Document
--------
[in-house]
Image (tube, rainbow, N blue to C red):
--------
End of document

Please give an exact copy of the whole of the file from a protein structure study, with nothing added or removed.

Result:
[in-house]
Image (tube, rainbow, N blue to C red):